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Originally published January 6, 2013 at 9:14 PM | Page modified January 7, 2013 at 12:27 AM

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Richard Sherman calls slap from Trent Williams 'cheap shot'

Cornerback Richard Sherman was slapped after the game by Washington Trent Williams. Williams later said he was "out of line."

Seattle Times staff reporter

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LANDOVER, Md. — Washington offensive tackle Trent Williams was still wearing his helmet when he confronted Seahawks cornerback Richard Sherman on the field after the game.

"He came up and tapped me, 'What's up now?' " Sherman said.

Sherman said he informed him the game was over, and Williams responded by threatening to punch him, then hitting Sherman with an open hand.

"A little push to the face," Sherman said. "Nothing crazy."

Sherman — whose helmet was off at the time — waved at Williams as the two were separated.

"It's just a dirty move by Trent Williams, that's all it was," Sherman said. "I could understand why he's frustrated. It's the end of their season. They played a solid game, but (that was) just a cheap shot."

Williams said afterward he was out of line.

"Just high emotions, man," Williams said in comments distributed after the game. "I let them get the best of me. It's nobody's fault but mine. I've got to calm down a little bit."

Clemons injured

Seattle defensive end Chris Clemons had to leave the game because of a knee injury he suffered in the second half.

Coach Pete Carroll said the team would need magnetic-resonance imaging (MRI) before determining the severity of the injury, but indicated it is potentially serious.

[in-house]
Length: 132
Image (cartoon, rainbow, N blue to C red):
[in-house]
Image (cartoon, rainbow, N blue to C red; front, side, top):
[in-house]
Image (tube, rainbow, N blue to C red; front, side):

"We're concerned about it," Carroll said.

Clemons led the team with 11.5 sacks during the regular season, his third consecutive season with 10 or more sacks. He is one of only three players in the NFL to have 10 or more sacks in each of the past three seasons.

Rookie Bruce Irvin stepped into Clemons' role after the injury, but pass pressure remains a concern. Seattle had two sacks in the game, and they have totaled just three sacks over the past 12 quarters.

Beltway rush hour

There was no secret about either team's intention Sunday.

The Seahawks ran the ball more often than any other team during the regular season, Washington ranked No. 2.

Washington enjoyed the early advantage as rookie Alfred Morris carried on two of the team's first three plays for a total of 17 yards. That set the tone for a first quarter in which Washington gained 61 yards on the ground during its two touchdown drives.

"At first, we were just out of whack," said Seattle linebacker K.J. Wright. "We weren't fitting how we were supposed to be, we weren't getting off of blocks."

The Seahawks got that straightened out, though.

Washington ran for just 43 yards over the final three quarters.

"They had a good scheme," Sherman said. "They knew how to attack us. But once they figured out how to attack us, we just manned up and everybody stood up."

Notes

• The attendance for the game at FedEx Field was announced at 84,325, the most ever to watch a playoff game at the stadium. "They're nowhere near as loud as home," Sherman said, comparing it to Seattle's CenturyLink Field. "They've got more people, but they don't make enough noise."

• Seattle held an edge in turnover ratio, forcing two from Washington as safety Earl Thomas intercepted a pass in the first half and defensive tackle Clinton McDonald recovered a fumble. Marshawn Lynch's third-quarter fumble resulted in Seattle's only turnover. Under Carroll, the Seahawks are 18-4 when they force more turnovers than they commit. They are 3-14 when they have a negative turnover differential.

John Moffitt was active for the first time in three weeks, and he saw time at right guard behind starter J.R. Sweezy.

Danny O'Neil: 206-464-2364 or doneil@seattletimes.com. On Twitter @dannyoneil.

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